Cabreras take 1-shot lead in Father/Son

By Associated PressDecember 16, 2017, 11:23 pm

ORLANDO, Fla. - Two-time major champion Angel Cabrera and Angel Cabrera Jr. birdied their last three holes for a 13-under 59 to take a one-shot lead Saturday in the PNC Father-Son Challenge.

Cabrera, a Masters and U.S. Open champion, is making his debut in this popular 36-hole scramble. His son said he practiced hard for 10 days. What helped put him at ease was watching his father make so many putts.

''We combined very well,'' Cabrera said. ''When I hit a bad shot, he hit a good one. That's the key.''

They had a one-shot lead over Mark O'Meara and Shaun O'Meara, who are playing for the first time. That included a birdie on the last hole, which O'Meara attributed to the strength of his son.

''My little man hit it 58 yards by me on the 18th,'' said O'Meara, the Masters and British Open champion in 1998. ''It's a little easier coming in with a 6-iron.''

Defending champions David Duval and Nick Karavites rallied over the back nine at the Ritz-Carlton Golf Club for a 61. They are trying to become the first father-son team to repeat as winners since Bernhard and Stefan Langer in 2006. Larry Nelson won two years in a row in 2007 and 2008, but with different sons.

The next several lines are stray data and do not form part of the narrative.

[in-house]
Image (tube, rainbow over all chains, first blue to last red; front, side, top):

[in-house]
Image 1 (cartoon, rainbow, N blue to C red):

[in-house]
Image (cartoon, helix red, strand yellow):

''I'd imagine we have to break 60 tomorrow to have a chance to win, but hey, stranger things have happened,'' Duval said. ''I've even done it myself.''

Duval shot 59 at the Bob Hope Classic to win in 1999 on his way to reaching No. 1 in the world that year.

Duval and his stepson were tied with Bernhard Langer and 17-year-old Jason Langer, who made two eagles on the last five holes. This Langer tandem won in 2014.

Jack Nicklaus, playing with grandson G.T., opened with a 68.

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Woods' 2018 schedule coming into focus ... or is it?

By Golf Channel DigitalDecember 16, 2017, 5:46 pm

Two weeks after his successful return to competition at the Hero World Challenge, Tiger Woods’ 2018 schedule may be coming into focus.

Golfweek reported on Saturday that Woods hopes to play the Genesis Open in February according to an unidentified source with “direct knowledge of the situation.”

Woods’ agent Mark Steinberg declined to confirm the 14-time major champion would play the event and told GolfChannel.com that Woods – who underwent fusion surgery to his lower back in April – is still formulating his ’18 schedule.

Woods’ foundation is the host organization for the Genesis Open and the event supports the Tiger Woods Learning Center in Anaheim, Calif.

The Genesis Open would be Woods’ first start on the PGA Tour since he missed the cut last January at the Farmers Insurance Open.

Rose weathering delayed Indonesian Masters

By Associated PressDecember 16, 2017, 3:52 pm

JAKARTA, Indonesia - Justin Rose held a three-stroke lead after eight holes of the third round Saturday when play was suspended for the day due to bad weather at the Indonesian Masters.

Rose was 3-under on the day and led his playing partners Kiradech Aphibarnrat and Scott Vincent. The Englishman led both players by a stroke after the second round was completed Saturday morning due to weather delays on Friday.

Brandt Snedeker withdrew with apparent heat exhaustion on Friday on the 11th hole of the second round. Ranked 51st in the world, he flew to Jakarta looking to move inside the top 50 by the end of the year and ensure a spot in next year's Masters.